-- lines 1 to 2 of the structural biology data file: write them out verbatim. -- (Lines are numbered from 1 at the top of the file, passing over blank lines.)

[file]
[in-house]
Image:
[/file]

[in-house]
Image: